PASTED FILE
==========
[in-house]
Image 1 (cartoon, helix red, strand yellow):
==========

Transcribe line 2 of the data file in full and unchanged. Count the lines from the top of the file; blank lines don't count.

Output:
Image 1 (cartoon, helix red, strand yellow):